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WORCESTER — The city’s newest adult-use marijuana dispensary, Diem Cannabis, indeed seized the day with a grand-opening and ribbon-cutting ceremony Friday at its 74 Grafton St. location.

“It’s really cool to be standing here in this moment, two-and-a-half years in the making,” Chris Mitchem, CEO and co-founder of Diem Cannabis, said during his opening remarks. “It was a long project and a lot of blood, sweat and tears went into this.”

Diem Worcester is the city’s fifth dispensary and the second to allow recreational sales. Good Chemistry opened on Harrison Street for recreational sales last year after first offering medical marijuana. Diem also has locations in Portland, and Salem, Oregon.

According to Mitchem, the Oregon-based cannabis company has been in existence for about four years.

Mitchem credited general contractor Ernie Nadeau of the Attleboro-based Nadeau Corporation, architect Scott Dzik and Matt Busby, the construction production manager, for revitalizing the dilapidated building that once was the home of Access Ambulance and creating a structure that the community could be proud of.

“You can see how much work has gone into this building,” Mitchem said. “A short time ago, probably 12 months, it looked a lot different. The roof was, basically, caving in…These bay windows were garage doors for ambulances that would pull in and out.”

Mitchem said Diem Cannabis is really excited to be part of the Canal District’s “huge revitalization phase,” adding that an attorney who is well verse in cannabis law said he wouldn’t be surprised if Diem Cannabis becomes one of the top five dispensaries in the state.

“It’s kind of a David and Goliath story,” Mitchem explained. “We’re not one of the big guys. We’re not a huge company. We’re up against some major competition with 10s of millions of dollars’ worth of funding.”

Mitchem also thanked John DiNovella, general manager of the Worcester-location of Diem Cannabis, as well as his “amazing team” of 15 employees in Worcester and his team back in Oregon.

“We’re really proud of the guys that we hired,” Mitchem said. “We met some really aggressive diversity targets that we set for ourselves.”

A teary-eyed Mitchem thanked the City of Worcester for giving Diem Cannabis the opportunity to open, as well as his family in Oregon for their unwavering support through the long hours and plenty of financial stress. A husband and father with two small children back in Oregon, Mitchem comes to Worcester every two weeks to see how the operation is doing.

“People think that you are going to jump into cannabis and automatically become a millionaire,” Mitchem said. “Those people are totally wrong. It’s a ton of work. It’s just like any other business with real, unique challenges.”

Mitchem also said he’s really proud of the inventory selection they are providing for its consumers.

“I think that’s going to set us apart,” Mitchem said of the selection. “We want to carry absolutely everything we can find. We want to talk to every vendor. And we want to stock our shelves and have a broad selection, carry the entire spectrum.”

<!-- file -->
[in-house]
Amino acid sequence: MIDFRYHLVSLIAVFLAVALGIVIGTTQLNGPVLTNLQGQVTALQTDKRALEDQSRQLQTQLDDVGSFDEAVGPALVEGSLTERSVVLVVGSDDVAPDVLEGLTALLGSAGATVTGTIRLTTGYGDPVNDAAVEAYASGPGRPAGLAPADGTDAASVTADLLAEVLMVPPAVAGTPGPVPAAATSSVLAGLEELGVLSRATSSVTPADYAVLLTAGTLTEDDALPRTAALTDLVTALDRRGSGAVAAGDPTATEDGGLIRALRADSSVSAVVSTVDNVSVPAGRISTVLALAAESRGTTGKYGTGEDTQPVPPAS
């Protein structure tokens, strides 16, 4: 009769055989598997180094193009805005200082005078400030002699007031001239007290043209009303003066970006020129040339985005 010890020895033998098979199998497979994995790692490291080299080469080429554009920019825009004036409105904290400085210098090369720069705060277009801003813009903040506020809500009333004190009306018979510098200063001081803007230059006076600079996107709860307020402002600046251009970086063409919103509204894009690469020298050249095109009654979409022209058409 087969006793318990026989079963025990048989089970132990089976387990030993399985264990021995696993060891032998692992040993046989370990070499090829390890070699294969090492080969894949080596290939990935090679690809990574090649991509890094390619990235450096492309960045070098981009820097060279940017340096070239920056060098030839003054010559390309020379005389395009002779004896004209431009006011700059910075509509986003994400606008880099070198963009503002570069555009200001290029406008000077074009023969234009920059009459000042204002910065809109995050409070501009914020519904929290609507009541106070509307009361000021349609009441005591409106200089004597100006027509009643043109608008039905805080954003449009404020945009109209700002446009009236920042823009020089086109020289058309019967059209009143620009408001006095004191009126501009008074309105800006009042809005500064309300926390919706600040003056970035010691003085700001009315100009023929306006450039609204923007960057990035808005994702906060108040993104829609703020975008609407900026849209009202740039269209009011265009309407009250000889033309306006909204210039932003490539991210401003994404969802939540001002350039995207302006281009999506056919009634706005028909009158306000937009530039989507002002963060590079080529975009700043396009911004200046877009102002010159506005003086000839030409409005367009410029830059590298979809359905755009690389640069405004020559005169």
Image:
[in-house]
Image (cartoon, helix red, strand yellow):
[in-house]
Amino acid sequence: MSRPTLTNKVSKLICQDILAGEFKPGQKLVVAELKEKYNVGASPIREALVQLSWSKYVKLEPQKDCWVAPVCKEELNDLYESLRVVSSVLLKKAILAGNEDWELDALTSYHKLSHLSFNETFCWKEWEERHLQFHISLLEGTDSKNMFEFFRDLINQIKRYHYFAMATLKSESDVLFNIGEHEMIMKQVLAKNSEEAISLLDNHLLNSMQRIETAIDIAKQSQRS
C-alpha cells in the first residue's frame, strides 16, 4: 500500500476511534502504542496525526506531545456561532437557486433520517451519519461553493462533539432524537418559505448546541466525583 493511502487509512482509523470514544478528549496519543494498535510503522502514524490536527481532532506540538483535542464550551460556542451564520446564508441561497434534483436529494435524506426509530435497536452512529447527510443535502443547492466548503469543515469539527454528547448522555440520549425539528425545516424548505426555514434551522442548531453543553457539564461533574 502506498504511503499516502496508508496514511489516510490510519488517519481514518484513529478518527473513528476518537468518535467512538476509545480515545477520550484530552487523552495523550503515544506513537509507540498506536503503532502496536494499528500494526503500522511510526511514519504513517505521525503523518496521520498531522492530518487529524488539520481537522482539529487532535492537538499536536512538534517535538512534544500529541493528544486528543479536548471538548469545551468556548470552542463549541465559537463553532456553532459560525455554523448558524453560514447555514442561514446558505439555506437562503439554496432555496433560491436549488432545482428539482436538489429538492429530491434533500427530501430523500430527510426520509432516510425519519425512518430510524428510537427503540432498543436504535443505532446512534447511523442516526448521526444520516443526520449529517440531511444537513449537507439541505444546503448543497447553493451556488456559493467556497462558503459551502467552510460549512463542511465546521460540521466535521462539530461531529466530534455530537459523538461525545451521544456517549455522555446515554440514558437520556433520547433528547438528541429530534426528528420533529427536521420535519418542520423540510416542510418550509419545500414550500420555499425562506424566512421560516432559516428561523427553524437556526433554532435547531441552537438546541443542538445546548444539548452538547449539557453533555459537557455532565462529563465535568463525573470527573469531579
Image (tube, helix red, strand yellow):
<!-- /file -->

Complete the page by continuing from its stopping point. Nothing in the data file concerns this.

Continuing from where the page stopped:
Mitchem said the marijuana dispensary market is big enough for a bunch of different businesses to do well in the city.

“We’re from Oregon and we compete in a city in Oregon with over 70 dispensaries. And it’s (a) quarter (of) the size of Worcester,” he said. “There’s plenty of market to go around.”

In addition to the tax revenue the city will get from Diem Cannabis, the marijuana dispensary is creating “really good jobs,” paying “high above minimum wage” as its starting wage and offering a “really clear path for career growth” (and more money), plus health care benefits, Mitchem said.

In the end, Diem Cannabis hopes to create 30 new jobs in the city.

Mitchem said Worcester has greeted Diem Cannabis with open arms and he has nothing but praise for his home away from home.

“The city, itself, is really well run,” Mitchem said. “We’ve gotten the opportunity to experience a lot of different systems in cities and towns in the U.S. The City of Worcester stands apart, in my mind.”

As for his second home, Mitchem, despite being a Seattle Seahawks fan, said he loves it.

“Worcester is this really cool and upcoming city in New England right now,” he said. “There’s a tone of growth, especially in the Canal District. It’s a really exciting time to be here.”

City Councilor Candy F. Mero-Carlson said the people at Diem Cannabis have been “absolutely awesome” to work with.

“From day one, you cared about this community. You made it your business to find out who was here,” she said. “What you have done to this building for this neighborhood is absolutely awesome. We couldn’t ask for better business people to come into District 2.”

Mero-Carlson said with all the economic development being done in the Canal District, Shrewsbury Street and, now, the bottom of Grafton Street, Diem Cannabis is a welcome addition and “awesome fit” to the neighborhood.

Deidra Ruvido of Andover was the first customer in the door. She said she purchased “a bunch of pre-rolls” and “some edibles.”

“The team right here is what brings me here,” Ruvido said. “I couldn’t wait to come out and see everybody today, give them my support and place my first order. I drove a long way to get their product.”

Due to the coronavirus, the spacious marijuana dispensary is capping its capacity at 26 people, which includes its working staff of eight to 10 at a time. Patrons must wear face masks. Pickup orders can be completed online at hellodiem.com.

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